Head Start, the primary federally-funded preschool program in the U.S., serving over 1 million children yearly, emphasizes not just child education but also parental engagement and growth. However, research traditionally prioritizes children’s outcomes over parents’. Leveraging the Head Start Impact Study (HSIS)—the comprehensive evaluation and reporting program initiated in 1998—a new study explores if children’s participation in Head Start affects parents' education and employment. HSIS found short-term benefits for kids, fading by third grade, stirring doubts about long-term effectiveness. Research analysis, considering the family as a unit, discovered that parents of 3-year-olds in Head Start showed greater educational advancements by kindergarten compared to the control group. This effect was particularly pronounced for parents with some college but no degree and African American parents. These findings highlight Head Start's potential to support parents' educational pursuits, offering quality childcare, support networks, and pathways to higher education. This underscores how early education programs like Head Start can bolster parental growth alongside children's development, potentially influencing other similar programs.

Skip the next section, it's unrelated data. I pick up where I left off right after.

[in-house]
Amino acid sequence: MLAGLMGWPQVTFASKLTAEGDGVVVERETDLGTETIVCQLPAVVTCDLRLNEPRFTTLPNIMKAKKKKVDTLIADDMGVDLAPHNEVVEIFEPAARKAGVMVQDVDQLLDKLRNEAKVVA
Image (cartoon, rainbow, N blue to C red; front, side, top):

Commentary author
Caitlin Farrell
Summary

Educators face growing pressure to utilize data for informed decision-making, yet the research supporting this movement remains underdeveloped. A recent Educational Administration Quarterly article delves into organizational factors influencing data use, drawing from four California school systems. Across traditional districts and charter management organizations (CMOs), state and federal accountability systems heavily shape data use. These systems prioritize data from state assessments and benchmark exams, crucial for program improvement and attracting families in charter schools. Organizational conditions, like decision-making structures, financial resources, and regulatory environments, impact resource allocation for data use. While financial constraints universally limit efforts, CMOs’ decentralized structures enable investments in human capital and technology. These findings highlight tensions arising from diverse accountability demands and propose revisiting metrics underpinning success. They also suggest avenues for sharing best practices, such as districts aiding teacher support while CMOs demonstrate advanced data management systems. Policymakers can leverage these insights to navigate accountability complexities and foster cross-system learning.

Evidence From College Remediation
Commentary author
Judith Scott-Clayton
Summary